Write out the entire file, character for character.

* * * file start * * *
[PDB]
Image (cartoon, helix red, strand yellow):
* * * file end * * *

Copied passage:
[PDB]
Image (cartoon, helix red, strand yellow):